Flow: next to the feeling of being completely absorbed in something, it focuses on developing people. It refers to stretching your competencies and providing the challenge to deploy them. An ideal setting for employee engagement. Hence, for developing a company, which, in case of huge growth rate, requires above average talent.  

Man, don’t bore me with that theory. Well, that’s the beauty of it all. This is real life. At Harman Lifestyle EMEA. A company I’ve been working for since years that provides learning for me every year.

In this case it’s about the team leads in Sales Support and their Business Analyst. They have to process huge amounts of orders, often with a lot of manual work, with teams that (as a result) have high rotation but need to work flawlessly.


In getting the work done they have a day’s job.

Now think of employee engagement, intrinsic motivation and a mix of generations (Millennials, Z…)

The leader of this Sales Support department did and the key to success is in his words; enabling people.

Wim Chermin was introduced to me as one of the members of the Operations MT of Harman Lifestyle EMEA. Representing Sales Support. He also highlights the human aspect in the MT. Like in many operational teams, there is a lot of focus on activities. He re-balances that.

During the trajectory with the MT he asked me to help him enable his own direct reports and subsequently their teams.

We ran a trajectory, modelled to my Organisationvitality proposition. Starting with the compass; what’s their purpose. Continuing with positioning the department. And eventually training Impact skills to help the team leads engage their direct reports. Now that we completed stage 1, Wim will take up on the job mentoring to continue the learning process. Time to interview him and find out what the basis of his philosophy is.

When talking about transformational leadership Wim translated that into natural leadership. On the one hand referring to the logic of ‘walk the talk’. Being a role model triggers team members to take their learning from it. Especially if in doing so, you stimulate people to come up with suggestions and recommendations. A (natural) leader is not known for their own actions, but those of the team.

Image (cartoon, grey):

On the other hand emphasizing that people want to be heard. It’s natural to be genuinely interested in and by people. This explains why Wim’s examples of best practices refer to personal problems, tragedy even. In these cases your intuition is leading, not the protocol. Eventually it’s about compassion.

Learning is about reflection. Wim is honest to admit that his first managerial role was way too transactional. Being too much in the operation, answering every question on the spot, focused on activities, not on people. Later he learned that, apart from a natural leadership approach, it’s good to first accept what’s happening. Only when understanding the ‘as is’ and the maturity to reach ‘to be’ you can start the transformation.

This demands some of the key behaviours of transformational leadership: forward thinking and role modelling. Having a vision, articulating it and inspiring people to reach for it. When it makes sense and the team shows understanding and dedication, you don’t need to micro manage them with KPI’s. Focus on performance and results will come. Only focusing on results, often jeopardizes performance.

When asking Wim how he looks at the future of leadership, immediately ‘Gen Z’ comes up as a topic. And there he refers to his experience as father. Leading people is like raising people. It’s more about asking the right questions and (try) understanding the answers, then steering. Well, steering will follow the proper discussion. Eventually direction is needed; at any age. But more in facilitating a process, then managing on tasks. He notices that generally a lot of leadership behaviours are positioned as HR topics. Take DE&I. Those are really not HR-topics; leaders need to embrace it and live up to it. Technology will create new situations, but focusing on people, enabling them, stands the test of time.

Getting back to the team leads and Business Analyst. The impact you have as a leader is certainly to build a strong team. This team of 5 exists of 2 people that were already in their role when Wim took the lead. Three were assigned later. It’s remarkable to see what the bonding effect is of leaving people the challenges instead of giving all the answers. The trajectory we ran was aimed to create the proper dynamics and preconditions. And it’s again thrilling to notice how much you learn, when teaching.

As a final question I asked Wim which of the 9 cells in my Organisationvitality model appeal to him. It turns out that it’s the diagonal of Compass (purpose), Leadership (enabling) and Well-being (as in vitality and good spirit)